For those rarely use Bluetooth, here’s how to turn it off and prevent from automatically starting at login in Linux.
I very rarely connects my phone or headphones to Linux laptop using the Bluetooth service. However, it starts automatically at login in Ubuntu 20.04, Ubuntu 21.10, Debian 11 and Fedora 35 systems that I’ve tried out.
If you’re in the same situation, then this tutorial may help to disable Bluetooth from auto-enable when your PC does not have a physical button to toggle the function.
Option 1: Disable Bluetooth Auto-Enable Behavior via Configure file:
In all the 3 Linux distributions mentioned above, there’s a rule in “/etc/bluetooth/main.conf” file that tells to auto-enable Bluetooth on startup. User may simply edit the file and disable that line to do the job.
1. Firstly, search for and open ‘terminal’ from ‘Activities’ overview (or start menu depends on desktop environment).
2. Secondly, run command in terminal to edit the configuration file via nano text editor.
sudo nano /etc/bluetooth/main.conf
Here I use nano since it's universal in most Linux. You may replace it with your favorite editor, e.g., gedit for GNOME.
When the file opens, find out and change AutoEnable=true into AutoEnable=false. Finally, save the file by pressing “Ctrl+X”, type “y” and hit Enter.
For those using “Blueman” manager, there’s an option under “View -> Plugin -> PowerManager” to toggle auto power-on under configuration.
Option 2: Disable Bluetooth by running a command at login:
The previous method somehow may not work sometimes due to unknown reason. So, there’s a workaround by running
rfkill block bluetooth command automatically at login.
Firstly, search for and open ‘Startup Applications’ utility from activities overview.
Next, click ‘Add‘ to add a new startup program, then type in:
- Name: Turn off Bluetooth (or whatever as you prefer)
- Command: /usr/sbin/rfkill block bluetooth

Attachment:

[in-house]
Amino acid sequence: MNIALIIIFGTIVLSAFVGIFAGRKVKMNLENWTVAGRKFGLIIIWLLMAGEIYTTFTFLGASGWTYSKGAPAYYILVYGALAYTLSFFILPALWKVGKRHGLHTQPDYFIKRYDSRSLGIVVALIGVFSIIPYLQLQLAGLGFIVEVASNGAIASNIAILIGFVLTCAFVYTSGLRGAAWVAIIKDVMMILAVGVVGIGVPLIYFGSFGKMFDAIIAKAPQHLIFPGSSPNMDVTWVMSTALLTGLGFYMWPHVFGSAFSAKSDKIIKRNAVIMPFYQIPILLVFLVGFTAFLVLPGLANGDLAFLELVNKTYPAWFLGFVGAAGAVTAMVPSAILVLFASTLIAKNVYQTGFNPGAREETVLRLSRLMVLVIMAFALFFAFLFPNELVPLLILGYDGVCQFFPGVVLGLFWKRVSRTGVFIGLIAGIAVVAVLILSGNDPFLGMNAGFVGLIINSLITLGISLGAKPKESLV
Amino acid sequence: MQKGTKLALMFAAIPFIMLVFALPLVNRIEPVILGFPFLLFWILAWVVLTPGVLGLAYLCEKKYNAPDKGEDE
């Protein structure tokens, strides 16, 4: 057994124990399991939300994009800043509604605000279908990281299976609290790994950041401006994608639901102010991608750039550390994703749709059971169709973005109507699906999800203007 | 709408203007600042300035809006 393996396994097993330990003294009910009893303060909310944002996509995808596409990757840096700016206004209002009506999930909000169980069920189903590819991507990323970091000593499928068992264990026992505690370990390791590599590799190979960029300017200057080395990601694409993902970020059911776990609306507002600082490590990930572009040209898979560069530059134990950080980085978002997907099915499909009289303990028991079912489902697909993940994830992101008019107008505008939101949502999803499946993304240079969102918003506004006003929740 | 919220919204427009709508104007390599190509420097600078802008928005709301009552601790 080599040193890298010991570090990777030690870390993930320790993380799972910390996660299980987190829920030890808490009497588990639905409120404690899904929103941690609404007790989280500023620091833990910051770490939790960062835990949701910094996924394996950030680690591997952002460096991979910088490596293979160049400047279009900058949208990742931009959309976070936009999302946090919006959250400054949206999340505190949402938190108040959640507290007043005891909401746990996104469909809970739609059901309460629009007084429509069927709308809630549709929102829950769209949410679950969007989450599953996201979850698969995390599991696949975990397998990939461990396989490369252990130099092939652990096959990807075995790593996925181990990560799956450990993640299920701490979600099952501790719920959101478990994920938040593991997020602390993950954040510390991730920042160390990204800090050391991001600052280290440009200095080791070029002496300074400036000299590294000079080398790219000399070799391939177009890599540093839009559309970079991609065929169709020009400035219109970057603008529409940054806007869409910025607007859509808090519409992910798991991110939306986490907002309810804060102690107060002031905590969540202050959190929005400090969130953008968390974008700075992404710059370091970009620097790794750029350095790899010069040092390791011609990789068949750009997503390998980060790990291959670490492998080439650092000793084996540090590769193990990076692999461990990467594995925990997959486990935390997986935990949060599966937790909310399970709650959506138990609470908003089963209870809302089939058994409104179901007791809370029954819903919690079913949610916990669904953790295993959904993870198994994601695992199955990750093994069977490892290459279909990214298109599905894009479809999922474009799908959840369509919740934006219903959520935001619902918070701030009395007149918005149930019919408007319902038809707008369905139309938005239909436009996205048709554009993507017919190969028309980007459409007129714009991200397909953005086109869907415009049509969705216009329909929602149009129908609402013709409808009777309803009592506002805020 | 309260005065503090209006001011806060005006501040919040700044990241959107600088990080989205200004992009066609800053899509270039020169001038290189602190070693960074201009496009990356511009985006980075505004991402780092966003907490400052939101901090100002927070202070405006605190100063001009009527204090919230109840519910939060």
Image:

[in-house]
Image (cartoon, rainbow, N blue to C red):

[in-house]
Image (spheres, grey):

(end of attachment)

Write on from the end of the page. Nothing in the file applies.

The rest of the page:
- Comment: optional.
Option 3: Disable & Mask Bluetooth system service:
The option 2 should work in most cases including mine. Though user may also disable the system service for using Bluetooth.
To do so, first open terminal from start menu (‘Activities’ overview) and run following commands one by one.
1. Stop the Bluetooth service using command:
systemctl stop bluetooth.service
2. Disable the service so it won’t start automatically at next login using command:
sudo systemctl disable bluetooth.service
3. And user may mask the service to stop other processes from starting the service:
sudo systemctl mask bluetooth.service
(Optional) Restore Bluetooth service:
Disable the system service makes it impossible to use Bluethooth again. In case you want to re-enable it, run commands below one by one:
- First, unmask the service:
sudo systemctl unmask bluetooth.service
- Then, re-enable it:
sudo systemctl enable bluetooth.service
- And finally start the system service:
sudo systemctl start bluetooth.service
To disable the Bluetooth auto-enable behavior, changing the configuration rule via option 1 is the recommended method in my own opinion though it’s not working in some cases. Mask the system service works however the Bluetooth status (off) is still present in system tray menu. And, user has to run a few commands again when want to restore. In my case, I did the option 2 to run a startup command automatically to turn it off.